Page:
Recent trends in eco-friendly construction across India

With increasing demand for green yet affordable housing from new-age aware buyers, Brotin Banerjee shares recent trends in eco-friendly construction across India.

Brotin Banerjee

Brotin Banerjee

The real estate business has recently started to realize the importance of sustainable projects – but an integrated approach needs to be adopted.

Sustainability in all forms is gaining stature and as the most stringent green building standards in the world. Real estate construction and operation shares a symbiotic relationship with the environment, and is a key catalyst in the direct and indirect effects on the environment. Over the last year or so, realtors have grown to understand the importance of sustainable development. This is based on the environmental considerations which if go unobserved, will prove detrimental in the future.

Quite suitably, developers are now sitting up and taking notice of the high demand integration of energy saving features. Undeniably, green housing presents an opportunity to reduce variable utility costs but the key is to ensure environment friendliness without overriding affordability. Green design can no longer be only about altruism, the construction practices have to strengthen its life, reduce cost and provide a healthier environment.

Today, with global warming on the rise, more homebuyers are demanding green homes, and home builders are looking for cost-effective, sustainable ways to deliver them. Recent advances in green building technologies are bringing carbon-neutral and zero net-energy homes closer to reality.

Zero-carbon and Zero Net-energy Homes:

The term “green building” is wide-ranging and applies to many different facets of environmentally conscious building. The terms zero-carbon and zero net-energy, however, are much more specific. Both zero-carbon and zero net-energy homes seek to use only as much energy as they can produce. Zero-carbon (or carbon neutral) homes also use no fossil fuels and therefore produce no greenhouse gasses. The U.K. has set a goal to require all new homes to be zero-carbon by 2016, and the city of Copenhagen is gunning to become the world’s first carbon neutral capital by 2025.

Advances in Solar Power:

Green building isn’t only about alternative energy technologies, however. It’s also about the appliances that use those technologies. Have you ever dreamed of a kitchen that could turn off its own lights or a thermostat you could text to change the temperature?

Solar power has come a long way since man first used magnifying glasses to start fires in the 7th century B.C. Recent advances include the use of natural berry dyes to make solar cells more efficient, microfilm technologies that create less waste and lower costs, and concentrated solar power plants like the one the Desertec Foundation is pushing in North Africa.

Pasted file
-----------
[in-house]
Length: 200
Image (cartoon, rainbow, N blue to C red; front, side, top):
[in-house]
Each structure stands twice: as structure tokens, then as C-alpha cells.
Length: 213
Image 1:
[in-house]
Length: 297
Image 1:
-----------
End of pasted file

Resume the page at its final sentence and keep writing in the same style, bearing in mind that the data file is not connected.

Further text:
On-site Water Treatment Solutions:

Water is an integral amenity and raw material requires to be handled and used with most precision. The pressure on the water table can be reduced throughout from the planning stage with the use of indigenous plant and grass species, rainwater harvesting, drip irrigation of public green spaces, waste-water management and grey water recycling. Water-efficient fixtures and metering are also important measures to help constrain and measure water usage in the project.

Materials, waste and recycling:

Waste-reduction efforts should be chalked out right from the construction process. Materials with recycled content should be promoted while use of virgin material should be discouraged. Sourcing from local region is another plus, while the post-occupancy waste management and treatment methods are critical for generating Leadership in Energy and Environmental Design (LEED) rating points .

Indoor environmental quality:

Criteria for high-quality indoor air includes natural day-light, cross-ventilation, efficient exhausts and interior manufacturing with materials containing few volatile organic compounds.

Intelligent Design:

It is imperative to preserve the natural topography of the project. This also helps immensely in building a green cover and considerably reduces the project’s heat effect. To improve cross ventilation and bring natural lighting to the project, developers can focus on designs that maximize the exposures for each flat. Designers are looking to reinvigorate and redefine the field with innovative architectural stylings that will give a new generation of buildings a lean, intelligent identity. Informed by a green sensibility and a renewed commitment to versatile utility, one such design trend is Biophilic design. On the leading edge of the green building movement is a strategy called biophilic design – using patterns in nature, particularly in biological systems, to inspire innovative and more efficient designs within architecture and engineering. Glass usage has typically been a symbol of energy inefficiency, as heat exchange in large, translucent surfaces is higher than in insulated walling. Advances in window design have combated this problem, but new developments stand to make glass the staple of green building.

In that the building sector is experiencing a reboot of sorts, the industry more than ever needs an influx of inspired, innovative, eco-friendly ideas, concepts that will work to give our cities and communities physical shape to our evolving goals of environmental care, energy conservation, and improved resource management. With these trends leading the way, the next few years in the building sector will be greener and more imaginative than ever.

(The author is MD & CEO of Tata Housing.)

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